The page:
Julie Cichlid – Julidochromis Regani
The Convict Julie, Julidochromis regani, is a cichlid species in the subfamily Pseudocrenilabrinae family endemic to Lake Tanganyika. Hence it is found in Burundi, the Democratic Republic of the Congo, Tanzania, and Zambia. The fish is named after Charles Tate Regan.
This species is closely related to Julidochromis marlieri. Possibly, a male common ancestor of these two hybridised with some female Telmatochromis ancestor in their evolutionary past.
Julidochromis regani is a small (10–13 cm; 4-5 in) ray-finned fish. Its pale to golden yellow body is slender and elongated. A varying black stripe patterns, depending on which part of the lake the fish originates from, is present. However, Julidochromis regani all have four slender lateral black stripes that run the length of the body, although some variations have the fourth stripe exclusively on the head. On the dorsal fin the stripes are vertical. The outer edge of the caudal, dorsal and anal fins is white, while the pectoral fins are yellow.
Sexing is difficult, but males do have a small genital papilla and females are generally plumper than the male.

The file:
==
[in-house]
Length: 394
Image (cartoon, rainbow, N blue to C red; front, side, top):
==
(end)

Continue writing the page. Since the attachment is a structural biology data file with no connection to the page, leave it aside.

Julidochromis regani are small-growing dwarf cichlids and easy to spawn and care for if their basic needs are fulfilled. Like all Lake Tanganyika cichlids, Julidochromis regani are best maintained in hard alkaline water, with a pH of 8.5 – 9.0 and a hardness of 12-14 kH, and in aquaria no smaller than 60 – 80 litres. Only one species of Julidochromis should be kept in any single aquarium, as the species within this genus tend to hybridise easily. Hybridisation with Chalinochromis (which might belong in Julidochromis) and Telmatochromis is suspected, and it is common enough in Lamprologini to better avoid keeping more than one species of this tribe per aquarium. The tank should be decorated with rocks to form caves and passageways as shelter; like many other Rift Valley cichlids they tend to be territorial and somewhat aggressive. It is therefore best to keep them with other cichlids to defuse their rowdy behavior.
Fry can stay with the parents and should be fed protein-rich foods such as baby brine shrimp. Parents can sometimes be found leading their fry around the aquarium. Breeding is, as usual in these social and intelligent fishes, easiest achieved by acquiring a stock of juveniles, and letting them grow up together until pair-bonds are established.
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